Not sure if you are eligible to donate blood? To be sure, check the donor eligibility guidelines online or call 800-GIVE-LIFE (choose Option 4).

This is a great opportunity to give a meaningful gift to the community -- your participation will help provide life-saving blood to those in need.

Whether you’ve done it dozens of times or have never thought about it before, we encourage you to consider giving blood! If you want to do some research, the Red Cross offers a wealth of information and tips on how to have a good donation experience.

Students can also visit my.Peirce.edu to sign up today.

Tuesday, March 23, 2010

How to get a job in IT: Get your A+ certification

At Peirce, we understand how important it is to support students in their efforts to continue their education. Academics and work experience are important factors, but so are training resources and certification programs.

With that in mind, this April’s Continuing Education Workshop will focus on information technology preparation, “Preparing for A+ Certification.” If you already know why this certification is important, go ahead and sign up for the eight-session course here. If not, here’s why we’ve chosen A+ certification prep as the focus of the April course.

It’s the one skill set required for 389 positions listed on Monster.com, 482 on CareerBuilder.com, and a whopping 4,233 on Indeed.com: expertise in computer hardware and software installation, preventative maintenance, networking, security, and troubleshooting.

How do you prove you’ve got what it takes in IT? Achieving A+ certification means you’ve completed a two-part exam that shows you’re trained in the latest skills needed to work as a computer support specialist.

Who is A+ certified? These are the experts who come to the rescue when your hard drive crashes; figure out why you can’t get online; wipe your machine clean of viruses; and in general, protect the sanity of people whose work is done on a computer. You might already be this person to your family, friends, and colleagues. But if you get the certification, you can make a career out of your love for computers.

It’s also a great way to get your foot in the door in any business or IT department. A quick scan of what companies are looking for from IT is desktop support and field service technicians. Why are these great introductions to the field?

Because the best place to start in terms of an IT career is to understand the hardware and how to fix it. It’s crucial to have the A+ certification, among other certifications, to be able to do this kind of work. While you work in a position such as help desk support analyst or field technician, you can gather experience and pursue additional certifications that lead to IT jobs further up the salary food chain.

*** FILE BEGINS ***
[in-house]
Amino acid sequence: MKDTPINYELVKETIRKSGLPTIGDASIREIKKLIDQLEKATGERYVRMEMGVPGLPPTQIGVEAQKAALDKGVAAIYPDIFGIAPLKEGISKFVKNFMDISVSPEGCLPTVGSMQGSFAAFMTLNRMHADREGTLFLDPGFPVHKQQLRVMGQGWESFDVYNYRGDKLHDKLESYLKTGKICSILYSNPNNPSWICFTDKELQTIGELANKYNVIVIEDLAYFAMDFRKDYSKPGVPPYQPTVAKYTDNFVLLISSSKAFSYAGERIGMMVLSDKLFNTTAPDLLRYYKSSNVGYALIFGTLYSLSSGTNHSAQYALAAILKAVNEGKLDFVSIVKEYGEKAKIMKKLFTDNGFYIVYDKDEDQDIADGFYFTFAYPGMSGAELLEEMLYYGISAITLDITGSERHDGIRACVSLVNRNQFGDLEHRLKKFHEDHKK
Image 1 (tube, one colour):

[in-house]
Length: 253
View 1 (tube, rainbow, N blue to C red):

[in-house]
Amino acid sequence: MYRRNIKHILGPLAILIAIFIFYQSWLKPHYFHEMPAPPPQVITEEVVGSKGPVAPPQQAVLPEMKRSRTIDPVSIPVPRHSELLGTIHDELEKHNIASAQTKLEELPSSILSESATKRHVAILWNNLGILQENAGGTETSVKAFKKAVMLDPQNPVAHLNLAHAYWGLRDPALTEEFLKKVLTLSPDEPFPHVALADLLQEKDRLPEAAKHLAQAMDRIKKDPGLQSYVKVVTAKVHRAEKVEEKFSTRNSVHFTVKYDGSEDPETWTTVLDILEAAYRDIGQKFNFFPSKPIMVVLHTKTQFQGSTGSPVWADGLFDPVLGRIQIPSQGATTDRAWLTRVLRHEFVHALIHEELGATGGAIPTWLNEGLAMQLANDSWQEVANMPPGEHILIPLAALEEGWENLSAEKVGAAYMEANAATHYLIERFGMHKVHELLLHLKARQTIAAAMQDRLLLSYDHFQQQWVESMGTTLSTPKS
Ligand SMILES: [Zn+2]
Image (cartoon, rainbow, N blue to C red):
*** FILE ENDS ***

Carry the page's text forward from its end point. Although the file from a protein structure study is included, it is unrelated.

Why climb the IT ladder? The Spring 2009 Occupational Outlook Quarterly, published by the U.S. Bureau of Labor Statistics (BLS), gives a few great reasons to set your sights on higher level jobs in the industry.

Monday, March 15, 2010

Reminder: Readmit Night on Wednesday, March 24

Last week, I shared my thoughts about the importance of degree completion, and how to make it an attainable goal no matter what your situation.

Since this subject is so important to us here at Peirce, I just wanted to give a quick reminder about our upcoming Readmit Night. As I discussed previously, this event is designed to assist students who have taken time away from their studies and want to get back on the path toward degree completion and advancing their career.

Here are the details if you are interested in attending:

Wednesday, March 24
5:30 to 7 p.m.
Room 51 of College Hall

If you plan on attending, remember to R.S.V.P. by this Friday, March 19. You can do so by visiting www.peirce.edu/readmit, or calling 888.GO.PEIRCE, ext. 9026. If you have any questions, you can also email Alyson Rodgers in the Readmit Department.

Friday, March 12, 2010

Career development at Peirce College: Getting to know the Career Development Services Department

Time flies! It's been a busy, productive three months since I joined the Career Development Services (CDS) team. I wanted to take this opportunity to tell you all a little more about what (and who) CDS is and what we have to offer Peirce students and alumni.

First, if you haven’t had the opportunity to meet the rest of the team, I would like to introduce them to you. I have the privilege of working alongside two fantastic colleagues, Audrey Cooper and Robyn Dizes. Although they both provide career coaching and develop and facilitate our workshops, each woman has specific areas of expertise that can help students and alumni better prepare for new and changing careers.

Wednesday, March 10, 2010

Philadelphia community, meet Peirce College: First Ambassadors Club meeting a success

Peirce College's Stephen Ampersand with two 
members of Peirce's Ambassadors Club
There are a lot of exciting things happening at Peirce College, one of which is the new Ambassadors Club. I've invited Stephen Ampersand, a Peirce graduate, to share his experiences and some details about the new initiative that he is facilitating. Read on for his guest blog post and welcome to Peirce Connections, Stephen!

Tuesday, March 9, 2010

Degree completion for adult students: Navigating the work-life balance

The path to degree completion is not always a smooth one -- for college students of any age. For working adults who balance family, job, and school, that path is oftentimes interrupted by the birth of a baby, a new work schedule or increased workload, the loss of a family member, or other everyday-life stress.